Friday, August 1, 2008

End of this story but the beginning of many more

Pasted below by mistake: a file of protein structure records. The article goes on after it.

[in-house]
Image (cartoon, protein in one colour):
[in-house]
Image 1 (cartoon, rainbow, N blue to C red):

While Summer Immersion term is over, my project most definitely is not. Over the past few weeks I’ve been spending less and less time in the OR and the clinic and more time behind a computer learning statistical methods and doing statistical analysis. My project has been to use a database created by medical research assistants to determine if there is a correlation between the rate of complications after radical cystectomy and the type of cystectomy being performed (robotic vs. open). The crazy thing is that in all my weeks at Weill I had yet to see an open cystectomy. It seems that Dr. Scherr is somewhat defined for his ability and proficiency with robotic cystectomies. Just yesterday I had my first opportunity to see an open cystectomy, so I popped into the OR to see what my analysis was really evaluating. The surgery definitely seemed more difficult without the magnification of the robotic camera, but the reality is that many surgeons still prefer to perform this surgery open because they are more proficient behind the table rather than at a robotic console. The specific case Dr. Scherr was performing was an open cystectomy because the patient had had a partial nephrectomy before and they knew there would be scar tissue to deal with that they were unaccustomed to with the robot.